Shopping locally helps the local economy, and reduces the pollution and traffic caused by food transport.
1. Don’t waste food
There are all sorts of ways you can cut down on food waste, for example:
- plan ahead and don’t buy more food than you need;
- check use-by dates before you buy;
- if you cook more than you need, store leftovers correctly and eat them later.
For more ideas, including tips on food storage and recipes for leftovers, visit Love Food Hate Waste.
- "Use by" dates should be followed - make sure you eat (or freeze) food on or before these dates;
- "Best before" dates refer to food quality rather than safety - food will generally be safe to eat after these dates, but may not be at its best;
- "Sell by" and "Display until" dates can be ignored - they're for the benefit of shop staff rather than customers.
Around a third of all the food we buy ends up being thrown away, and most of it could have been eaten. As food causes an estimated 2.1 tonnes of carbon dioxide equivalent emissions per person per year, this suggests that emissions could be reduced by 0.7 tonnes per person per year just by eliminating unnecessary food waste.
A UK household throws out food worth an estimated £480 every year, on average, so there is scope for significant savings. Cooking enough for two meals at a time saves time, energy and money, provided the food will keep.
Food production has other environmental impacts, due to its intensive use of land and water, and the pollution caused by transporting it to our shops and homes. Reducing food waste reduces these impacts as well.
2. Compost inedible food waste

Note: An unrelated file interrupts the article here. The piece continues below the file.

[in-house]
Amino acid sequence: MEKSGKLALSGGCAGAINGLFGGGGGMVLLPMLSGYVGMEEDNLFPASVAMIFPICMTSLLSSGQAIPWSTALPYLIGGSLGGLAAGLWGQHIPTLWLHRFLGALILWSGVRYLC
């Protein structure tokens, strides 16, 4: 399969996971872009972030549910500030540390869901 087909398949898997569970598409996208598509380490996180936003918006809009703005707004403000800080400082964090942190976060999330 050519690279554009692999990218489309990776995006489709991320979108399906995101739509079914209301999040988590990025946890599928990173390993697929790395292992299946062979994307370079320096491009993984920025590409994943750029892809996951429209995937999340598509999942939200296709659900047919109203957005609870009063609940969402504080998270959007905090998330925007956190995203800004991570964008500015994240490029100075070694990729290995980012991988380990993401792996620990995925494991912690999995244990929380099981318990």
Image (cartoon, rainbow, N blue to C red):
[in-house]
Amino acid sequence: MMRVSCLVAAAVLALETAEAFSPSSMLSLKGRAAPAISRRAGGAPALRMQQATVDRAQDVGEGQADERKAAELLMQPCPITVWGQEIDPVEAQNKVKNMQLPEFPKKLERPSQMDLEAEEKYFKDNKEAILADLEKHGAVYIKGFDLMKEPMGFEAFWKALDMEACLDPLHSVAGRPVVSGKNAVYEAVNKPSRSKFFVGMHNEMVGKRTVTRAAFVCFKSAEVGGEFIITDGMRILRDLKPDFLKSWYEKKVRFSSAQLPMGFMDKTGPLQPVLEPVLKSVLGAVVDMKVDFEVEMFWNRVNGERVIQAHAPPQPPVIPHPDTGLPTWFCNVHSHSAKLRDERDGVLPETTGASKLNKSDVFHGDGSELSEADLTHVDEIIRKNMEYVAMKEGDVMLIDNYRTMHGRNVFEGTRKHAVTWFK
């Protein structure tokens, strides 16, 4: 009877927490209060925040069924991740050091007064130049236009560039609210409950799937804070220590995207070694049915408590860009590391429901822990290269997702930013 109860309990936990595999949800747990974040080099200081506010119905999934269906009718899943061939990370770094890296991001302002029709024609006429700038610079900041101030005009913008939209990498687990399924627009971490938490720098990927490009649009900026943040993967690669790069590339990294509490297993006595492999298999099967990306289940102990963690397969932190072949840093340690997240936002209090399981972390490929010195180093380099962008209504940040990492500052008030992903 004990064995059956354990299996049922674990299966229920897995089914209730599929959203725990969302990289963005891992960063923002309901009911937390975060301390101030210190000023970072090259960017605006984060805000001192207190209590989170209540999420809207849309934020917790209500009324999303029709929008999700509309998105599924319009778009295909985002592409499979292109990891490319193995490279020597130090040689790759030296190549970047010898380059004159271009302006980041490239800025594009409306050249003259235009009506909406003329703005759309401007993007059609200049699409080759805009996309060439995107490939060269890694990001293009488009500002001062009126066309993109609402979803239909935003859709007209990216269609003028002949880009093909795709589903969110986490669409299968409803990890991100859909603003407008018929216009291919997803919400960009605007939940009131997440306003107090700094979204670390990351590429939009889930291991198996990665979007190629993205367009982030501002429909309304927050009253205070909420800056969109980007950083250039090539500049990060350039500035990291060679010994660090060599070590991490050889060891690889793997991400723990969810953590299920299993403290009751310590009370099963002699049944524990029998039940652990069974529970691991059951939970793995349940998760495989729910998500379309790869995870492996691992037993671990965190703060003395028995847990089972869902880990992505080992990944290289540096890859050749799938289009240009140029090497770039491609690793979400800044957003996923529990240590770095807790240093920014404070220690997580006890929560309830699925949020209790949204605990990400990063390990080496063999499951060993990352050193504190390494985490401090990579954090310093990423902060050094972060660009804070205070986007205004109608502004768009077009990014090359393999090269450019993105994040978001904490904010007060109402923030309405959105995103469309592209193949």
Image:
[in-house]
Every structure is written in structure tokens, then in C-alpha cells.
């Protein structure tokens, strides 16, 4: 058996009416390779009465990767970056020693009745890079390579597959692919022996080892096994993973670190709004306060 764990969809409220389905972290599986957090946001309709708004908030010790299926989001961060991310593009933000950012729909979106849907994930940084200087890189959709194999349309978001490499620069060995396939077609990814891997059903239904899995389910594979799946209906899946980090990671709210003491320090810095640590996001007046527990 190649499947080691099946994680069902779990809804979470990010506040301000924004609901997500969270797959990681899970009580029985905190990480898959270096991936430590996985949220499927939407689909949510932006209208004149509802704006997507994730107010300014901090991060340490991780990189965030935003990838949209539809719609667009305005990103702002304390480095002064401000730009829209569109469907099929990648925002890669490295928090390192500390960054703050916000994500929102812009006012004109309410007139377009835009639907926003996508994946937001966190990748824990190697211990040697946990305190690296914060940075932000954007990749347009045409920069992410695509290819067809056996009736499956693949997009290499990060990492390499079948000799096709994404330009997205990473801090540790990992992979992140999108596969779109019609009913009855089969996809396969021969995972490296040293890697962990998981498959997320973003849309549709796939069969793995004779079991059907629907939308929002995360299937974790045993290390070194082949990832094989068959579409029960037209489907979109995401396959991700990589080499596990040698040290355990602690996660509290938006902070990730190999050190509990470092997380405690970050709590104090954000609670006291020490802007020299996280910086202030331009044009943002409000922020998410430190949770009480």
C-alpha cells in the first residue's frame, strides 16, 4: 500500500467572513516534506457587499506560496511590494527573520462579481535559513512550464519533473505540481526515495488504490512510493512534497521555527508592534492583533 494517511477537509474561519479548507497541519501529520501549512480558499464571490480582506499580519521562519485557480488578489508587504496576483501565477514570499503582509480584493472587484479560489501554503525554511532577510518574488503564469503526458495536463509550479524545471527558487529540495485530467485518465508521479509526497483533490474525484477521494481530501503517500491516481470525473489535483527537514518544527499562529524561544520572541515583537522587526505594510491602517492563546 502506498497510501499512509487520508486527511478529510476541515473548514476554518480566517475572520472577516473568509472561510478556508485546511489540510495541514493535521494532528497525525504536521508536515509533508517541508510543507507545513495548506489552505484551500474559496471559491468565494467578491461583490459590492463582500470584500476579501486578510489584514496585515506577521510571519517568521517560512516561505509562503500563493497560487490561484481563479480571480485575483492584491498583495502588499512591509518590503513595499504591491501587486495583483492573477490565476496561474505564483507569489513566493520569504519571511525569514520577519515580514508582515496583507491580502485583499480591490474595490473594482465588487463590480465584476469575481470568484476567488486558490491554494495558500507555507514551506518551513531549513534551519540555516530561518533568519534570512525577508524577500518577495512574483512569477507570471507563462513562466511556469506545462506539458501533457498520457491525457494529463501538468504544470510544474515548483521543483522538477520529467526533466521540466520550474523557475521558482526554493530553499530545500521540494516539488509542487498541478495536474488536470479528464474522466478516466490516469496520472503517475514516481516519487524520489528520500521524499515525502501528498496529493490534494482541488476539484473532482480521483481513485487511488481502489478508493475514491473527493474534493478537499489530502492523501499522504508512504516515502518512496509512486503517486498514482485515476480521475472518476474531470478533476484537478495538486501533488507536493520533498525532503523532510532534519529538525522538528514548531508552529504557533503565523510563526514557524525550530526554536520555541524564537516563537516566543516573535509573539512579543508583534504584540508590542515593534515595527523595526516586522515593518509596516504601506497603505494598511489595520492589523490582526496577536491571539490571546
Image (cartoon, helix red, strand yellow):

Some food waste is inevitable, for example egg shells, banana skins and tea bags. Rather than sending this waste to landfill, have a go at home composting uncooked food. The Recycle Now site tells you how to get started. Composting bins are widely available from garden centres and online.
Home composting bins start at around £20.
Compost is good for your garden. It improves the nutrient levels in the soil and the soil’s structure, preventing erosion and helps the soil’s water-holding capacity. This all contributes to better root development and a healthy flourishing garden.
3. Eat less meat and dairy produce
The simplest way to do this is to reduce the size of your meat and dairy portions. The average UK person consumes more protein than the amount recommended by the World Health Organisation, so should be able to eat less meat and dairy produce without their diet becoming unbalanced.
To take it one step further, without necessarily making significant changes to your diet, aim to have a few meat-free meals a week. In particular, try to eat less beef, veal and lamb, because factory farming cattle and sheep requires more energy than breeding the other animals we eat.